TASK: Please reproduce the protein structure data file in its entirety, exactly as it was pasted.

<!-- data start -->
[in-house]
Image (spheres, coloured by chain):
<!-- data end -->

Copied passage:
[in-house]
Image (spheres, coloured by chain):